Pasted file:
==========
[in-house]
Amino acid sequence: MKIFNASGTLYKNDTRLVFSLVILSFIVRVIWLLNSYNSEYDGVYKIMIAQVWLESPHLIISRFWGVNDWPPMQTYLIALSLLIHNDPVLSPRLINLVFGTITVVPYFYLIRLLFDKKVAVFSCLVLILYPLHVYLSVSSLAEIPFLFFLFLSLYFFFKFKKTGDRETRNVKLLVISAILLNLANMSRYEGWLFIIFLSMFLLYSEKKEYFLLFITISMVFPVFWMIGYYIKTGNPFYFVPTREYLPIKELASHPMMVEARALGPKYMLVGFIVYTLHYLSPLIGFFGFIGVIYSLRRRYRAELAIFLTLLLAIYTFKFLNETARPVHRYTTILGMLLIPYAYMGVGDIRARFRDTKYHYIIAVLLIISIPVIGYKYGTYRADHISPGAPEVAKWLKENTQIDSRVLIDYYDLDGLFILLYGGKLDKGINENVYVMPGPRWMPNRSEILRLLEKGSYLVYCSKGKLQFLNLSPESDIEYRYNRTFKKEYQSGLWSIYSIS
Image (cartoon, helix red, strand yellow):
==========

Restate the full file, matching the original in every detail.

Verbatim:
[in-house]
Amino acid sequence: MKIFNASGTLYKNDTRLVFSLVILSFIVRVIWLLNSYNSEYDGVYKIMIAQVWLESPHLIISRFWGVNDWPPMQTYLIALSLLIHNDPVLSPRLINLVFGTITVVPYFYLIRLLFDKKVAVFSCLVLILYPLHVYLSVSSLAEIPFLFFLFLSLYFFFKFKKTGDRETRNVKLLVISAILLNLANMSRYEGWLFIIFLSMFLLYSEKKEYFLLFITISMVFPVFWMIGYYIKTGNPFYFVPTREYLPIKELASHPMMVEARALGPKYMLVGFIVYTLHYLSPLIGFFGFIGVIYSLRRRYRAELAIFLTLLLAIYTFKFLNETARPVHRYTTILGMLLIPYAYMGVGDIRARFRDTKYHYIIAVLLIISIPVIGYKYGTYRADHISPGAPEVAKWLKENTQIDSRVLIDYYDLDGLFILLYGGKLDKGINENVYVMPGPRWMPNRSEILRLLEKGSYLVYCSKGKLQFLNLSPESDIEYRYNRTFKKEYQSGLWSIYSIS
Image (cartoon, helix red, strand yellow):